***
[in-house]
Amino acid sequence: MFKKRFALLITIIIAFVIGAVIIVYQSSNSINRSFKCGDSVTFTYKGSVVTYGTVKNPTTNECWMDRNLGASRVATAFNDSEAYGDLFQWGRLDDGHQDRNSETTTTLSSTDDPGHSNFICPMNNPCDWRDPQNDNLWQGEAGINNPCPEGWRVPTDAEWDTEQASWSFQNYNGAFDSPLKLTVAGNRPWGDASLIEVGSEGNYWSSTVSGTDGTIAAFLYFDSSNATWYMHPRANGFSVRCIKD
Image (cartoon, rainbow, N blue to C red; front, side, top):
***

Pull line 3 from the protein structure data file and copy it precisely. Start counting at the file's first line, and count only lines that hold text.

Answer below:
Image (cartoon, rainbow, N blue to C red; front, side, top):